tv The Beat With Ari Melber MSNBC April 11, 2019 3:00pm-4:00pm PDT
combos. if you do decide to run, don't be cagey. be cheer. you could very well put your candidacy on a path toward success. that's all we have for tonight. we'll be back tomorrow with more "meet the press." good evening. >> we have a huge show tonight. julian assange indicted by the trump justice department of conspiracy, raising questions that what does he know about russian meddling. also, the presidential governor is here on "the beat" tonight. and later, progressives rallying around pelosi power as she takes on the attorney general. we begin tonight with breaking news. the mueller probe ended but today the feds indicting a lawyer for lying to the mueller probe about his work with paul manafort. as i mentioned, this mueller probe has ended. but the feds are not done indicting people who allegedly
lied to mueller. this that i'm holding here is the first mueller related indictment since the probe finished and this is striking for several reasons. let me explain. first, this new indictment of prominent democratic lawyer dave craig touches on several of the biggest issues that mueller was investigating like paul manafort's illegal activities. second, this shows that while mueller did not indict an lexicon spearcy, something we've been careful to report, there is sdny that we hear so much about. and then today d.c. charging this case. third, while president trump has loudly and falsely claimed that the mueller probe was some sort of charge against republicans, this is a fight against white house counsel greg craig and the charges that he hide to mueller about a multimillion-dollar project that he was doing for
guilty former campaign chair paul manafort. indictments charging craig with basically concealing information about their work on this report about something that happen in ukraine and then lying about it. making false statements on more than one occasion including mueller in october 2017, during, as you'll see here, craig allegedly repeating false and misleading statements he made to their foreign hobbying unit. one of the alleged crimes is lying to mueller's office while it was open. this is the first time since the probe has ended since we've seen a now indictment with a crime that was committed during the special counsel's ongoing investigation. now, mr. craig's attorneys who were expecting this indictment as recently as last night put out this statement. they say he is not guilty of any charge. these charges may be first against a high profile democrat in the mueller probe spinoff but it is also the haste in a series of events that what mueller found is still active in very real ways.
legally and obviously substantively. the southern district of new york has been going strong where the links to the national "enquirer" have been put under a motorcycle row scope. accused among other things, of extortion. now i can tell you in addition to everything else, that company is putting up the tabloid for sale. and the ceo and the long time friend of trump's, david pecker, has been cooperating. saying bezos will meet with prurts who may be interested in bezos's accusations. this is happening as early as this week. as for the politics, we have experts with reaction to all of this including this charge against greg craig, saying it is another sign that bob mueller's probe, while it was active and now as it has farmed out what it found, doesn't care about parties. so donald trump can talk about a coup or a witch hunt or angry democrats.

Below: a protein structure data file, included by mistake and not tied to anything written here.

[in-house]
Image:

the truth according to these experts and what we're seeing in these filings, they're following the facts wherever they lead. i am joined by miley wily as well as the art of the deal, tony schwartz. where working isn't working. and has insights into how donald trump will be viewing a lot of these developments right now. what do you make of this indictment? >> if you get into the bed the devil, you might get burned. >> is guilty paul manafort the devil? >> paul manafort and yanukovych. we're talking about a law firm, that at least as the indictment reads, was engaged in helping the pr prospects of government that paul manafort was willing to help try to reform their reputation in secret without telling the american people, hey, here i am representing this government. >> and these laws to your point. all they say is, if you are
working for a foreign government, tell country and then you can go on and do it. this was millions of dollars, coming from the offshore bank accounts that paul manafort was running for these folks who are all putin allies. >> that's right. and one of the things that was happening, what gregory craig was hired to do, was run a review of an investigation that the yanukovych ministry of justice had brought against his political opponent and some of the exchanges in the indictment about how the report would play out in public. in other words, it appears to be public relations. and remember, that at the time this happen, the human rights community was up in arms about the report. hillary clinton as secretary of state was saying, this doesn't make sense. this is a bad prosecution. there are a lot of questions here that make it clear that
this is a law firm that the person who worked on this report pled guilty to lying about what they were doing with the report. and the firm itself paid a fine and said we should have registered as an agent for foreign government. so that's what's going on. >> it is a significant development in trump's world as he continues to try to say, well, mueller is done. i was exonerated. no one needs on worry about the report. given your knowledge of him, take a look at the president on all of this just yesterday. >> this was an attempted coup. this was an attempt to take down a president. and we beat them. we beat them. >> well, if i say it's true, if you say it, it's false. that's trump. where it's true or false, he's going to take position including